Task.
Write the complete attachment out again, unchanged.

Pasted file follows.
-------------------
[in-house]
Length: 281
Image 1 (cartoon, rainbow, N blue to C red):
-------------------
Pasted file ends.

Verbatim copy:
[in-house]
Length: 281
Image 1 (cartoon, rainbow, N blue to C red):